I have heard of another likewise, who wrote a history of what was to happen hereafter, {47} and describes the taking of Vologesus prisoner, the murder of Osroes, and how he was to be given to a lion; and above all, our own much-to-be-wished-for triumph, as things that must come to pass. Thus prophesying away, he soon got to the end of the story. He has built, moreover, a new city in Mesopotamia, most magnificently magnificent, and most beautifully beautiful, and is considering with himself whether he shall call it Victoria, from victory, or the City of Concord, or Peace, which of them, however, is not yet determined, and this fine city must remain without a name, filled as it is with nothing but this writer's folly and nonsense. He is now going about a long voyage, and to give us a description of what is to be done in India; and this is more than a promise, for the preface is already made, and the third legion, the Gauls, and a small part of the Mauritanian forces under Cassius, have already passed the river; what they will do afterwards, or how they will succeed against the elephants, it will be some time before our wonderful writer can be able to learn, either from Mazuris or the Oxydraci.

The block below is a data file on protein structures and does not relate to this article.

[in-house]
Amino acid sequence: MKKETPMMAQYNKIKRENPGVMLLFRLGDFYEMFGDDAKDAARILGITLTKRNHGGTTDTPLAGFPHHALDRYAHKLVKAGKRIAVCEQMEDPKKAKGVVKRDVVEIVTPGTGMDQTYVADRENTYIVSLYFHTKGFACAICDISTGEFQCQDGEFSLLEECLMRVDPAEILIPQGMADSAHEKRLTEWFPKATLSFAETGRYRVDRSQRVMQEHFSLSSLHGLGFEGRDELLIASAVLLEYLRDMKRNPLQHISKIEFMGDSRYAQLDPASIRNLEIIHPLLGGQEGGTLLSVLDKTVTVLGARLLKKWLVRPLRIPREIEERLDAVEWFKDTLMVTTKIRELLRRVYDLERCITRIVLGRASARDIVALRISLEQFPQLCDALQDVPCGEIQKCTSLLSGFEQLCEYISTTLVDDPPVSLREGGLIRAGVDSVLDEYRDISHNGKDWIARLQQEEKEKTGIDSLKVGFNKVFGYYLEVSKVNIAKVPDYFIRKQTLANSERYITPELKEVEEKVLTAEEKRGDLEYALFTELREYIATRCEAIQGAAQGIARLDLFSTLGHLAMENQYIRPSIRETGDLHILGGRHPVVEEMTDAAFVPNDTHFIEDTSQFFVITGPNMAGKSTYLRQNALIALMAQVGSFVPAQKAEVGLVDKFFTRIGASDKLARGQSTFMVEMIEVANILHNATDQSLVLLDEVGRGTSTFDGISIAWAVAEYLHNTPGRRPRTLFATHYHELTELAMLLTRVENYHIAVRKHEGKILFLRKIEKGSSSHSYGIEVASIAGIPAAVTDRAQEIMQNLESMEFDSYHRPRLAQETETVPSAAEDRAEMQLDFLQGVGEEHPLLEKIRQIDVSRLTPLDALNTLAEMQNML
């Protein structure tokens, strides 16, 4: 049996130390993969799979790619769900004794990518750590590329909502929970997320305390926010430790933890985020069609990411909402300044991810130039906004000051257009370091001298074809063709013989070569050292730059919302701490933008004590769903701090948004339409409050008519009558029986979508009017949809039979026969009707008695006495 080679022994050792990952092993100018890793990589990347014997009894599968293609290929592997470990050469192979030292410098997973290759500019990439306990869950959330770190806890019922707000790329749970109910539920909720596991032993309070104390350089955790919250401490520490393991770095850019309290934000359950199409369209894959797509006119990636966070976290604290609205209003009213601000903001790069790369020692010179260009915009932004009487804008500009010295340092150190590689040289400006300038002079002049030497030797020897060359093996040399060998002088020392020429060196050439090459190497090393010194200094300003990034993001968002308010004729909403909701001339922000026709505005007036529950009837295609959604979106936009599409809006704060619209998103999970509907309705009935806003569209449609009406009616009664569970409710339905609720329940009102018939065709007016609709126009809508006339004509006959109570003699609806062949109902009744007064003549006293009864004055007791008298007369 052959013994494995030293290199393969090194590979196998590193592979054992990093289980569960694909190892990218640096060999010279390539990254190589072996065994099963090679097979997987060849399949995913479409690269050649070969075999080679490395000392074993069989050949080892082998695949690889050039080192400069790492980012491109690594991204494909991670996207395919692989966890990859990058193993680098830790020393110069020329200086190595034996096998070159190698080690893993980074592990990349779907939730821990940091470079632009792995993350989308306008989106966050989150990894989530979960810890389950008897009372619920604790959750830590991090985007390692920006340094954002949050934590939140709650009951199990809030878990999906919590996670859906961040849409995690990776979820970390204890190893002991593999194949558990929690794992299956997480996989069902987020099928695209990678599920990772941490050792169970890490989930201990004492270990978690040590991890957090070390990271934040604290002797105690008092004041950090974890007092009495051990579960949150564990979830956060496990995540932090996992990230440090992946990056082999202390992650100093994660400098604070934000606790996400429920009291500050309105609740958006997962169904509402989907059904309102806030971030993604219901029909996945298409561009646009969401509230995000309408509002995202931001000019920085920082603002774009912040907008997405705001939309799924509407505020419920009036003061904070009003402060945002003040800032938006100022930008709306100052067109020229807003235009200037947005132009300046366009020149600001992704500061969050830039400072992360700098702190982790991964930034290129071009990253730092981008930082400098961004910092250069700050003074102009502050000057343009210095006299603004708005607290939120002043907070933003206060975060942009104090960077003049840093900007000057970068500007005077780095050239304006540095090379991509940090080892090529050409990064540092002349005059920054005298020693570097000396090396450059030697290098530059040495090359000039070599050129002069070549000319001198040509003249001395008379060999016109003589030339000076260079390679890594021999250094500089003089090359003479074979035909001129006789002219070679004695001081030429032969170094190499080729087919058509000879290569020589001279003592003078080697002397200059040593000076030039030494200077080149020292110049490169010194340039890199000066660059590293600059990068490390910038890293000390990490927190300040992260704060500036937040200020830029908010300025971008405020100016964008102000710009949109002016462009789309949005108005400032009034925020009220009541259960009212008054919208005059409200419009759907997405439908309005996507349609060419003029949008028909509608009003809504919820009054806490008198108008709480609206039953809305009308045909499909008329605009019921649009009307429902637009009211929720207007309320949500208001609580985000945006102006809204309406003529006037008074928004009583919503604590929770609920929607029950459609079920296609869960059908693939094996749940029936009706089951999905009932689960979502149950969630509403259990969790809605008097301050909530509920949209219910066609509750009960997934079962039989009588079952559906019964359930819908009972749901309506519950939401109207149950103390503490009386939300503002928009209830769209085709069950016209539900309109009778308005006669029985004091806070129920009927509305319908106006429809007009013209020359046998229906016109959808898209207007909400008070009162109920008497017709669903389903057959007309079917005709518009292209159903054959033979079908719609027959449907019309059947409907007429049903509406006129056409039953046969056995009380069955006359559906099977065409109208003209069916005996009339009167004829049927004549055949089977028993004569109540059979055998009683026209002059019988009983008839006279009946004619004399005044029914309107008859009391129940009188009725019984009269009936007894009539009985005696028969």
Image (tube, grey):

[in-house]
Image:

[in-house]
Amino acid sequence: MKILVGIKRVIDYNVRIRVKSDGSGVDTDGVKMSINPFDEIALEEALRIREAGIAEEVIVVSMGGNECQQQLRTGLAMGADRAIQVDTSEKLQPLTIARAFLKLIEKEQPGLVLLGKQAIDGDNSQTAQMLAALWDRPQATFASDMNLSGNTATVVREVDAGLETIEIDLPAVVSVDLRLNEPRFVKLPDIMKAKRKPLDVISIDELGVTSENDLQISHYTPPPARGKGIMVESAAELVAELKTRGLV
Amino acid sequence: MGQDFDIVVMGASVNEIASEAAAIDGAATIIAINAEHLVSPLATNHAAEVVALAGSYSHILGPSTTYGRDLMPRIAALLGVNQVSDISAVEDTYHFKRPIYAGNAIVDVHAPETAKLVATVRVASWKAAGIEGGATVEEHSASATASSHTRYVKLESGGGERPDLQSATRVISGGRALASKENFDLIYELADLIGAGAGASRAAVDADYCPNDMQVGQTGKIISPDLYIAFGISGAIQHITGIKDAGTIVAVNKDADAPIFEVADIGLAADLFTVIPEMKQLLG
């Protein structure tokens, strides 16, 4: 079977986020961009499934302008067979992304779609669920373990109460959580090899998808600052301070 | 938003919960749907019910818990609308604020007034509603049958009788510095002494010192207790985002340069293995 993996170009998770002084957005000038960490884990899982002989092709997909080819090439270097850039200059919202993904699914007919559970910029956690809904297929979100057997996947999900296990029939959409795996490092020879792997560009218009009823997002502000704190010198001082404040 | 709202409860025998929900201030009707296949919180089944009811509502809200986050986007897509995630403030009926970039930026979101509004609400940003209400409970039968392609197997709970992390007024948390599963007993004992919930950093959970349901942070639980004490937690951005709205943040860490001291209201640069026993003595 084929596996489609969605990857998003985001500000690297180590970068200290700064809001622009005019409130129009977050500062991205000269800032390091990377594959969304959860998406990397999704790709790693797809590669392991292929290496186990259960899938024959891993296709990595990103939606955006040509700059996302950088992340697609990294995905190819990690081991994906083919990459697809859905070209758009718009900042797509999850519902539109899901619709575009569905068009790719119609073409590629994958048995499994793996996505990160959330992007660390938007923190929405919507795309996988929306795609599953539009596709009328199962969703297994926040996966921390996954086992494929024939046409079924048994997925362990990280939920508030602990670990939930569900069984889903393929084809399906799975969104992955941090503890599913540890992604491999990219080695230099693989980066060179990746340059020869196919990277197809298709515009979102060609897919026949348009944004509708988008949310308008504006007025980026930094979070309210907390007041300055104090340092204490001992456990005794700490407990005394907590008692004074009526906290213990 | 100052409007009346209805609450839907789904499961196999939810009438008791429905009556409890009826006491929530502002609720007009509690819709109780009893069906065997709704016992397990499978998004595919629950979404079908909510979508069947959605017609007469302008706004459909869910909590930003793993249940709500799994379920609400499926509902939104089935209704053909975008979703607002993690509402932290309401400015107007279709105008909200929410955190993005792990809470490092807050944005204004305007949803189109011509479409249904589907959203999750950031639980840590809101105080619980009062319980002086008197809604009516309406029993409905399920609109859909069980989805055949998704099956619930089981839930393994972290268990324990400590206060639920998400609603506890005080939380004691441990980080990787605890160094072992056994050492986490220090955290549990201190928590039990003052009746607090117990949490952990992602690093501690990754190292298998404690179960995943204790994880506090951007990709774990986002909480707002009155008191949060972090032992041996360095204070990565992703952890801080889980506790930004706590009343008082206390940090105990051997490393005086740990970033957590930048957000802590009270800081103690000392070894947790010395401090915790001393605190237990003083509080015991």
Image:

Thus do these foolish fellows trifle with us, neither knowing what is fit to be done, nor if they did, able to execute it, at the same time determined to say anything that comes into their ridiculous heads; affecting to be grand and pompous, even in their titles: of "the Parthian victories so many books;" Parthias, says another, like Atthis; another more elegantly calls his book the Parthonicica of Demetrius.

I could mention many more of equal merit with these, but shall now proceed to make my promise good, and give some instructions how to write better. I have not produced these examples merely to laugh at and ridicule these noble histories; but with the view of real advantages, that he who avoids their errors, may himself learn to write well—if it be true, as the logicians assert, that of two opposites, between which there is no medium, the one being taken away, the other must remain. {49}